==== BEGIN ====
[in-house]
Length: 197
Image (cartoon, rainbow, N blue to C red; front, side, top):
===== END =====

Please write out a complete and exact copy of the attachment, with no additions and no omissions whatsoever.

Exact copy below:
[in-house]
Length: 197
Image (cartoon, rainbow, N blue to C red; front, side, top):